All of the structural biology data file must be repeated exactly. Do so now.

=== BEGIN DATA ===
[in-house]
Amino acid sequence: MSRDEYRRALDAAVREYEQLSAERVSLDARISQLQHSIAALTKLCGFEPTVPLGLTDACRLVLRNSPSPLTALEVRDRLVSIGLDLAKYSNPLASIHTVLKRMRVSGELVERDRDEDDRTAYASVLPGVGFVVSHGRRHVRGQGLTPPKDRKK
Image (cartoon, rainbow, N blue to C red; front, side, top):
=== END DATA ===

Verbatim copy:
[in-house]
Amino acid sequence: MSRDEYRRALDAAVREYEQLSAERVSLDARISQLQHSIAALTKLCGFEPTVPLGLTDACRLVLRNSPSPLTALEVRDRLVSIGLDLAKYSNPLASIHTVLKRMRVSGELVERDRDEDDRTAYASVLPGVGFVVSHGRRHVRGQGLTPPKDRKK
Image (cartoon, rainbow, N blue to C red; front, side, top):